Thursday, June 2, 2011

The Great Plate Debate

I can't believe I finished the last day of my LSAT prep class!  The test is on Monday, and it will be such a relief when it is O-V-E-R!!

No LSAT class will also mean I can photograph my lunches!  Which also means they will no longer consist of turkey and cheese wraps shoved into plastic baggies which I'm forced to consume during our 30 second break during class!

It's the little things that make me smile :)

For dinner, we made a very simple and healthy meal:

  • 1/2 piece of Alaskan salmon  (It came frozen in a box from Sam's Club...delish!)  (7 PP for a whole, so 4 PP for half)
  • Salad with mixed greens, carrots, tomatoes, and cucumbers  (0 PP)
  • Balsamic Vinegar dressing  (0 PP)
  • Sweet potato with extra cinnamon!  (4 PP)
Tonight, I also wanted to talk about the idea behind (what I like to call) "The Great Plate Debate":

A few months ago, I read Naturally Thin by Bethenny Frankel.  

Besides the fact that I love her savvy business sense and sarcastic wit, I also found her book to be very informational!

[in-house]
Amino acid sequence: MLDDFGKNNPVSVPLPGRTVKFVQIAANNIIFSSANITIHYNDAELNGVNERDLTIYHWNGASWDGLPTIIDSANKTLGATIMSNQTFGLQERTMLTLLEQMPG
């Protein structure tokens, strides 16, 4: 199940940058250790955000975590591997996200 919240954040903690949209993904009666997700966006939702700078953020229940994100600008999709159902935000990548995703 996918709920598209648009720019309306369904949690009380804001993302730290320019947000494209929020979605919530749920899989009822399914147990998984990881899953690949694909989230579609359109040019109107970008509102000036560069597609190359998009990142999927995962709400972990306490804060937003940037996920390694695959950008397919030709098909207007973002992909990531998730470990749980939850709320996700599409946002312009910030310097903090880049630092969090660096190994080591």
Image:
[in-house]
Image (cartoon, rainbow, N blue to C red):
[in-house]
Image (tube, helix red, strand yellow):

In Naturally Thin, she encourages people to downsize their plates.  

Because we prepare our meals and usually end up eating whatever is on the plate (whether recognizing we're full or not), our plate size makes a huge difference in how much food we consume!  

If we use a smaller plate, the plate is full so we automatically think we're eating more than we are.

However, if you put the same amount of food on a bigger plate, you will feel that you're getting ripped off.  This can be especially prevalent in dieters, because we sometimes already feel deprived!!  

Tonight I decided to test out this theory:

After I put my salmon on a large, typical dinner plate, I remember thinking, "Hmm...that's all I get?!?"

Then, I put the same food on a smaller (appetizer) plate to see the difference and it really turned my thinking around:

All of a sudden, I thought, "Okay, that's definitely enough!"  

This is great to use when you're trying to get used to smaller portions because many of us perceive how satisfying/filling something will be even before we eat it!  

It definitely worked for me :)  Let me know if you try it!!